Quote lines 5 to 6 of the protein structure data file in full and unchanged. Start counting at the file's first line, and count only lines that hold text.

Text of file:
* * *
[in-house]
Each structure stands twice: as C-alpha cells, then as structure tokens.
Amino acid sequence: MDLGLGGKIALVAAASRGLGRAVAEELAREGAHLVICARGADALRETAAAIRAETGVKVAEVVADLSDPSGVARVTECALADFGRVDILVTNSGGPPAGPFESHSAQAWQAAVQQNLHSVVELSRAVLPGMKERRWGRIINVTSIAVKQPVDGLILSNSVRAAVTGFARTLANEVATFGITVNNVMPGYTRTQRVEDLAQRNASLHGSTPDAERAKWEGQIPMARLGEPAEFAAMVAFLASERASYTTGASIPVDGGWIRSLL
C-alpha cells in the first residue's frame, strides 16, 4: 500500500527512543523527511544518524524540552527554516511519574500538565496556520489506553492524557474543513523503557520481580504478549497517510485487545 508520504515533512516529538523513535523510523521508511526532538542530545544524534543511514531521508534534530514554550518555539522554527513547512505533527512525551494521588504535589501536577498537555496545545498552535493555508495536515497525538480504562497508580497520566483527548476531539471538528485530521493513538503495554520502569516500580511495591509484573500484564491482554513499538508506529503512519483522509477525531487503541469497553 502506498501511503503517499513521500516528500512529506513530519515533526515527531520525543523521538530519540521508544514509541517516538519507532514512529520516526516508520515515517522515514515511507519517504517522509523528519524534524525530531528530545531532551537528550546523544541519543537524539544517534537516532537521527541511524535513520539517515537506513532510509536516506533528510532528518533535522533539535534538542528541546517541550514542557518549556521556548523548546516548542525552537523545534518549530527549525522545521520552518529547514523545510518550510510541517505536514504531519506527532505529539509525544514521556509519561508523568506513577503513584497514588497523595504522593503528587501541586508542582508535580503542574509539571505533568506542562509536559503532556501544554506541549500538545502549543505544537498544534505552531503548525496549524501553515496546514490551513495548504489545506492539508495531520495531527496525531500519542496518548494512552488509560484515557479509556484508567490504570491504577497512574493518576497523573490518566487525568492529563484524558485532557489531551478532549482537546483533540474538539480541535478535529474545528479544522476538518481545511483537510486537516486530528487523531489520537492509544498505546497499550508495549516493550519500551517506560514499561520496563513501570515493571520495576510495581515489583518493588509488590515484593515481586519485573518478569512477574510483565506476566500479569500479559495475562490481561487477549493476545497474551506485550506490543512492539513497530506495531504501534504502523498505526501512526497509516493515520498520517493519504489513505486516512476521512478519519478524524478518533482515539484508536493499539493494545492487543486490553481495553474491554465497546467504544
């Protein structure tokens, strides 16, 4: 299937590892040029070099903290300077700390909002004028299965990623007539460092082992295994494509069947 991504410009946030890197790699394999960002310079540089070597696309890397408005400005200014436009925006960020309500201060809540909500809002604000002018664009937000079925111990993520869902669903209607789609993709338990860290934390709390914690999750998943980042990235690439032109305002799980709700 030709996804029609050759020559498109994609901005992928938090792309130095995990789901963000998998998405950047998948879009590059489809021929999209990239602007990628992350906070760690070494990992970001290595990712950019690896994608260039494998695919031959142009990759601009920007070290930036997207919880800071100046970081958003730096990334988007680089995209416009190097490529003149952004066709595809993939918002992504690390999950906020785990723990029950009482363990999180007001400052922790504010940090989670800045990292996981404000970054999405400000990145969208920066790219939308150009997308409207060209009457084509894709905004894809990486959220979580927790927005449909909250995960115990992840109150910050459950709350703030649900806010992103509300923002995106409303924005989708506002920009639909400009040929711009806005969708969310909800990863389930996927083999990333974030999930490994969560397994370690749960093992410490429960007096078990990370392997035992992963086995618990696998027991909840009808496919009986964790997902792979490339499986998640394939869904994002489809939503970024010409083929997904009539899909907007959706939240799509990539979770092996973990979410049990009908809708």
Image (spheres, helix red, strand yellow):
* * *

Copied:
């Protein structure tokens, strides 16, 4: 299937590892040029070099903290300077700390909002004028299965990623007539460092082992295994494509069947 991504410009946030890197790699394999960002310079540089070597696309890397408005400005200014436009925006960020309500201060809540909500809002604000002018664009937000079925111990993520869902669903209607789609993709338990860290934390709390914690999750998943980042990235690439032109305002799980709700 030709996804029609050759020559498109994609901005992928938090792309130095995990789901963000998998998405950047998948879009590059489809021929999209990239602007990628992350906070760690070494990992970001290595990712950019690896994608260039494998695919031959142009990759601009920007070290930036997207919880800071100046970081958003730096990334988007680089995209416009190097490529003149952004066709595809993939918002992504690390999950906020785990723990029950009482363990999180007001400052922790504010940090989670800045990292996981404000970054999405400000990145969208920066790219939308150009997308409207060209009457084509894709905004894809990486959220979580927790927005449909909250995960115990992840109150910050459950709350703030649900806010992103509300923002995106409303924005989708506002920009639909400009040929711009806005969708969310909800990863389930996927083999990333974030999930490994969560397994370690749960093992410490429960007096078990990370392997035992992963086995618990696998027991909840009808496919009986964790997902792979490339499986998640394939869904994002489809939503970024010409083929997904009539899909907007959706939240799509990539979770092996973990979410049990009908809708």
Image (spheres, helix red, strand yellow):